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Diabetic Laser Treatment

Laser surgery is often recommended for people with macular edema, PDR, and neovascular glaucoma.

For macular edema, the laser is focused on the damaged retina near the macula to decrease the fluid leakage.  The main goal of treatment is to prevent further loss of vision.  It is uncommon for people who have blurred vision from macular edema to recover normal vision, although some may experience partial improvement.  A few people may see the laser spots near the center of their vision following treatment.  The spots usually fade with time but may not disappear.

For PDR, the laser is focused on all parts of the retina except the macula.   This panretinal photocoagulation treatment causes abnormal new vessels to shrink and often prevents them from growing in the future.  It also decreases the chance that vitreous bleeding or retinal distortion will occur.  (Further information on panretinal photocoagulation follows this section.)

Multiple laser treatments over time are sometimes necessary.  Laser surgery does not cure diabetic retinopathy and does not always prevent further loss of vision.

Vitrectomy: In advanced PDR, your ophthalmologist may recommend a vitrectomy.  During this microsurgical procedure, which is performed in the operating room, the blood filled vitreous is removed and replaced with a clear solution.  Your ophthalmologist may wait for several months or up to a year to see if the blood clears on its own before performing a vitrectomy.

Vitrectomy often prevents further bleeding by removing the abnormal vessels that caused the bleeding.  If the retina is detached, it can be repaired during the vitrectomy surgery.  Surgery should be done early because macular distortion or traction retinal detachment will cause permanent visual loss.  The longer the macula is distorted or out of place, the more serious the vision loss will be.  For further information, see the Vitrectomy Surgery section on this website.

This section is courtesy of the American Academy of Ophthalmology. Reprinted with permission of the American Academy of Ophthalmology. Copyright protected.  All rights reserved.  Users of this website may reproduce one (1) copy of this for their own personal, noncommercial use.  All Internet, web or electronic posting or transmission is not permitted.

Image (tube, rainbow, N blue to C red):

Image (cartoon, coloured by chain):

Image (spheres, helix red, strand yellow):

Pan-Retinal Photocoagulation

Proliferative retinopathy is a condition in which abnormal new blood vessels may rupture and bleed inside the eye. When this advanced stage of retinopathy occurs, pan-retinal photocoagulation is usually recommended.

panretphotocoag_sm

During this procedure, a special laser is used to make tiny burns that seal the retina and stop vessels from growing and leaking. Hundreds of tiny spots of laser are placed in the retina to reduce the risk of vitreous hemorrhage and retinal detachment. Targeted laser applications can treat specific areas in the central vision that are leaking. The laser is used to destroy all of the dead areas of retina where blood vessels have been closed. When these areas are treated with the laser, the retina stops manufacturing new blood vessels, and those that are already present tend to decrease or disappear.

The goal of pan-retinal photocoagulation is to prevent the development of new vessels over the retina and elsewhere, not to regain lost vision.

Pan-retinal photocoagulation is for those:

  • who have been diagnosed with proliferative retinopathy
  • whose doctor has determined that pan-retinal photocoagulation is the appropriate treatment for their condition

What to expect on procedure day:

Your treatment will be performed in a specially equipped laser room. It does not require a hospital or surgery center. It is usually performed without anesthesia, although some will want a local anesthetic.

Before your procedure begins, an eyelid holder will be placed between your eyelids to keep you from blinking. Next, your ophthalmologist will begin laser treatment with an argon laser. The laser treats the peripheral (outside) and middle portions of your retina. It does not treat the central or macular region.

The initial treatment usually consists of approximately 1,500-2,000 spots of laser per eye. This will be done in two or more sessions.

Your vision will be poor immediately after the treatment, but will recover to the pre-treatment level over time. You should plan to have someone drive you home, and you should relax for the rest of the day. Most patients resume activities within a few days. Regular follow-up visits are required.

Expectations:

The goal of pan-retinal photocoagulation is to prevent the development of new vessels over the retina and elsewhere, not to regain lost vision. There is no improvement in vision after the laser treatment. Vision may decrease due to edema/swelling of the retina, after the laser treatment. It may improve to its previous level in two to three weeks or may remain permanently deteriorated. Recurrences of proliferative retinopathy may occur even after an initial satisfactory response to treatment.

This procedure sacrifices peripheral vision in order to save as much of the central vision as possible and to save the eye itself. Night vision will be diminished. After pan-retinal photocoagulation, blurred vision is very common. Usually, this blur goes away, but in a small number of patients some blur will continue forever.

Serious complications with pan-retinal photocoagulation are extremely rare, but like any surgical procedure, it does have risks. .

If you and your doctor decide that laser treatment for diabetic retinopathy is an option for you, you will be given additional information about the procedure that will allow you to make an informed decision about whether to proceed. Be sure you have all your questions answered to your satisfaction.